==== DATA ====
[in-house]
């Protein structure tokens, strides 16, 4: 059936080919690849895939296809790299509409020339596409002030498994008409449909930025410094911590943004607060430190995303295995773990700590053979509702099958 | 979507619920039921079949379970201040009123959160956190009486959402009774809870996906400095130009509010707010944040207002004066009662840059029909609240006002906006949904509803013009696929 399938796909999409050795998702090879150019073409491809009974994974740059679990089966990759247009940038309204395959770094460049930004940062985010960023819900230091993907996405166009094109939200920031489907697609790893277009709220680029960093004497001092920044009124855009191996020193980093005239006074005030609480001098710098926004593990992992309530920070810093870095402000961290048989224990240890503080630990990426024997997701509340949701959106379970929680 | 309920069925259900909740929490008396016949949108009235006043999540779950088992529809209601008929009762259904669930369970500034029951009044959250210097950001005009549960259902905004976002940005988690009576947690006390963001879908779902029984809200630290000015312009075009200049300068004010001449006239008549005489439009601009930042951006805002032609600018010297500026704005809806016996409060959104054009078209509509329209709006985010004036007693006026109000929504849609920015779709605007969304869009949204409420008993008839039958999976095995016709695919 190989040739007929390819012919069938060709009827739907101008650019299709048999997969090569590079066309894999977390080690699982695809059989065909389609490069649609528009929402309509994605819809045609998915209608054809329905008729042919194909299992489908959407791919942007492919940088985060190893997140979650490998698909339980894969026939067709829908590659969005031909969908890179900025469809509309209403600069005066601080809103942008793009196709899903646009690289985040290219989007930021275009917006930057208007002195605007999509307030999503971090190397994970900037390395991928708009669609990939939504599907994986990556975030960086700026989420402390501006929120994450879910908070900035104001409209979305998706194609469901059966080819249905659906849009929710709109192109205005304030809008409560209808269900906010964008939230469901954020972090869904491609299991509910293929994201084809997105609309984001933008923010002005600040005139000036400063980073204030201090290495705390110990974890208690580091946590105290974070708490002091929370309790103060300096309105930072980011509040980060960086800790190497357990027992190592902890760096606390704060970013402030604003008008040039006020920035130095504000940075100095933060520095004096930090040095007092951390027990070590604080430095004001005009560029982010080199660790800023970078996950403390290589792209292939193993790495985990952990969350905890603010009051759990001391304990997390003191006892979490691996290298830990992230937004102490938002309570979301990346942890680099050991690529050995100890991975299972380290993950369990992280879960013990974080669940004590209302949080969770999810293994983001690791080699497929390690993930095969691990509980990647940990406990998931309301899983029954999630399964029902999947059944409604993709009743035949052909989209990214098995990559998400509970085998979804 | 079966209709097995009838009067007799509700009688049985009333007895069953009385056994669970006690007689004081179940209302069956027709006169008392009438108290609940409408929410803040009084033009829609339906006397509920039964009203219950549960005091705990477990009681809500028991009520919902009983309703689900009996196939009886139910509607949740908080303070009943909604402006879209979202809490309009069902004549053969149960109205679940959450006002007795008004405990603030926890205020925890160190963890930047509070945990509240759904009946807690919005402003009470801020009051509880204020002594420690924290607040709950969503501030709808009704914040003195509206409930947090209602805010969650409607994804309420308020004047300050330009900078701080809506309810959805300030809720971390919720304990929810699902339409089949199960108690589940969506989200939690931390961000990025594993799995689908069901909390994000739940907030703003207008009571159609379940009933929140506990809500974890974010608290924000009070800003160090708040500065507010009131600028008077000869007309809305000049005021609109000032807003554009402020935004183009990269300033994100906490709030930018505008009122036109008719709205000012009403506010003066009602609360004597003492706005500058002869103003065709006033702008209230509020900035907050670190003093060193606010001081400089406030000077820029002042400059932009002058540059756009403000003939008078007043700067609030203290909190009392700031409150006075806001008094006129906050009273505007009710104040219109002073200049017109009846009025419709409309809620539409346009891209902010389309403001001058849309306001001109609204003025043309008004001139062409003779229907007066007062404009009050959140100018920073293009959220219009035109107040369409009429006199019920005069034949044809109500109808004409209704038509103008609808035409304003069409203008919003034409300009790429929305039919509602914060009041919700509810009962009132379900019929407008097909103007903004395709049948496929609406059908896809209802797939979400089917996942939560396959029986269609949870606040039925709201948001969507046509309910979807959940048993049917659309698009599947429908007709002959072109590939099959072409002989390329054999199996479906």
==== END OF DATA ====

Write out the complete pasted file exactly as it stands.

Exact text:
[in-house]
């Protein structure tokens, strides 16, 4: 059936080919690849895939296809790299509409020339596409002030498994008409449909930025410094911590943004607060430190995303295995773990700590053979509702099958 | 979507619920039921079949379970201040009123959160956190009486959402009774809870996906400095130009509010707010944040207002004066009662840059029909609240006002906006949904509803013009696929 399938796909999409050795998702090879150019073409491809009974994974740059679990089966990759247009940038309204395959770094460049930004940062985010960023819900230091993907996405166009094109939200920031489907697609790893277009709220680029960093004497001092920044009124855009191996020193980093005239006074005030609480001098710098926004593990992992309530920070810093870095402000961290048989224990240890503080630990990426024997997701509340949701959106379970929680 | 309920069925259900909740929490008396016949949108009235006043999540779950088992529809209601008929009762259904669930369970500034029951009044959250210097950001005009549960259902905004976002940005988690009576947690006390963001879908779902029984809200630290000015312009075009200049300068004010001449006239008549005489439009601009930042951006805002032609600018010297500026704005809806016996409060959104054009078209509509329209709006985010004036007693006026109000929504849609920015779709605007969304869009949204409420008993008839039958999976095995016709695919 190989040739007929390819012919069938060709009827739907101008650019299709048999997969090569590079066309894999977390080690699982695809059989065909389609490069649609528009929402309509994605819809045609998915209608054809329905008729042919194909299992489908959407791919942007492919940088985060190893997140979650490998698909339980894969026939067709829908590659969005031909969908890179900025469809509309209403600069005066601080809103942008793009196709899903646009690289985040290219989007930021275009917006930057208007002195605007999509307030999503971090190397994970900037390395991928708009669609990939939504599907994986990556975030960086700026989420402390501006929120994450879910908070900035104001409209979305998706194609469901059966080819249905659906849009929710709109192109205005304030809008409560209808269900906010964008939230469901954020972090869904491609299991509910293929994201084809997105609309984001933008923010002005600040005139000036400063980073204030201090290495705390110990974890208690580091946590105290974070708490002091929370309790103060300096309105930072980011509040980060960086800790190497357990027992190592902890760096606390704060970013402030604003008008040039006020920035130095504000940075100095933060520095004096930090040095007092951390027990070590604080430095004001005009560029982010080199660790800023970078996950403390290589792209292939193993790495985990952990969350905890603010009051759990001391304990997390003191006892979490691996290298830990992230937004102490938002309570979301990346942890680099050991690529050995100890991975299972380290993950369990992280879960013990974080669940004590209302949080969770999810293994983001690791080699497929390690993930095969691990509980990647940990406990998931309301899983029954999630399964029902999947059944409604993709009743035949052909989209990214098995990559998400509970085998979804 | 079966209709097995009838009067007799509700009688049985009333007895069953009385056994669970006690007689004081179940209302069956027709006169008392009438108290609940409408929410803040009084033009829609339906006397509920039964009203219950549960005091705990477990009681809500028991009520919902009983309703689900009996196939009886139910509607949740908080303070009943909604402006879209979202809490309009069902004549053969149960109205679940959450006002007795008004405990603030926890205020925890160190963890930047509070945990509240759904009946807690919005402003009470801020009051509880204020002594420690924290607040709950969503501030709808009704914040003195509206409930947090209602805010969650409607994804309420308020004047300050330009900078701080809506309810959805300030809720971390919720304990929810699902339409089949199960108690589940969506989200939690931390961000990025594993799995689908069901909390994000739940907030703003207008009571159609379940009933929140506990809500974890974010608290924000009070800003160090708040500065507010009131600028008077000869007309809305000049005021609109000032807003554009402020935004183009990269300033994100906490709030930018505008009122036109008719709205000012009403506010003066009602609360004597003492706005500058002869103003065709006033702008209230509020900035907050670190003093060193606010001081400089406030000077820029002042400059932009002058540059756009403000003939008078007043700067609030203290909190009392700031409150006075806001008094006129906050009273505007009710104040219109002073200049017109009846009025419709409309809620539409346009891209902010389309403001001058849309306001001109609204003025043309008004001139062409003779229907007066007062404009009050959140100018920073293009959220219009035109107040369409009429006199019920005069034949044809109500109808004409209704038509103008609808035409304003069409203008919003034409300009790429929305039919509602914060009041919700509810009962009132379900019929407008097909103007903004395709049948496929609406059908896809209802797939979400089917996942939560396959029986269609949870606040039925709201948001969507046509309910979807959940048993049917659309698009599947429908007709002959072109590939099959072409002989390329054999199996479906």